The Morcha said, “The sharp decline may be a reflection of the complications associated with the digital attendance system (NNMS App), made compulsory from 1 January 2023. It is not clear to what extent this system is being enforced.”
'Not Paid Since December 2021,' Claim Bengal Workers
Not all MGNREGA workers, however, get 100 days of employment every year as guaranteed, they alleged.
In fact, workers from West Bengal that The Quint met on 3 March claimed that they have not been paid at all since December 2021.
Based on data available on the Ministry of Rural Development’s website nrega.nic.in, we see that there has been a significant drop in the number of MGNREGA workers in the state for the select months (April and August) of 2021 and 2022. For instance, there was a drop in employment generation from over 12 million (person days) in April 2021 to 4 million (person days) in April 2022.
"I have a pending payment of 45 days which is Rs 10,035 from before December 2021. Since then, I have not got a single day's work," said Akali Sarkar, 45, a worker from West Bengal’s Dakshin Dinajpur district. Her husband too has not received his dues. Akali said that she had been a MGNREGA worker for 14 years but had to resort to taking a loan after she stopped getting any work. They were being paid Rs 223 a day as MGNREGA workers.
“We have to face a lot of trouble because both my husband and I are dependent on the wages we get from here. I took a loan of Rs 20,000 in order to run my household of four,” she told The Quint on 3 March at a press conference held by the NREGA Sangharsh Morcha in Delhi.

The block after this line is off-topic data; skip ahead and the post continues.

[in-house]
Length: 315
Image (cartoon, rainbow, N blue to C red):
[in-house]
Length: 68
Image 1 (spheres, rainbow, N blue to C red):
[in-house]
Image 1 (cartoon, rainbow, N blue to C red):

She works as a farm labourer when she does not get MGNREGA work. "That work is tiresome and only pays Rs 100-Rs 150 a day... I am thinking of migrating to a city to find work," she said.
Meanwhile, another MGNREGA worker, Deepali from West Bengal’s Purulia said she has not been paid for 87 days of work in 2021. "When we go to the authorities to complain, they tell us that the central government has not disbursed funds to the state government," she said. Her husband, who has disabilities, is unemployed. Deepali runs her household of five all by herself, primarily on income from MGNREGA work.
Centre Withholding Funds, Alleges WB State Govt
According to the Morcha, the last Fund transfer order (FTO) to West Bengal was released on 26 December 2021 and no payment order was released after that.
In January this year, West Bengal Chief Minister Mamata Banerjee said that the total central dues to the state government under MGNREGA currently stands at Rs 6,000 crore. “The central government is not releasing MGNREGA funds to West Bengal. It owes us Rs 6,000 crore. BJP-ruled states, however, are getting funds for the 100 days’ work scheme," she said.
She said she has written several letters to Prime Minister Narendra Modi regarding the same.
The Hindu reported that during a question hour in the Rajya Sabha in December 2022, Trinamool leader Jawahar Sircar asked the Rural Development Ministry for details on the states that hadn’t received funds during the financial year. In response to this, Minister of State for Rural Development, Sadhvi Niranjan Jyoti said that the Centre did not “discriminate” against any state.
Sadhvi Niranjan Jyoti said, “But there are a few guidelines under the MGNREGA that all states have to follow.” She added that the funds were frozen after the state government failed to send in a detailed response to the questions raised by a Central team that investigated the implementation of the scheme in the state in 2019.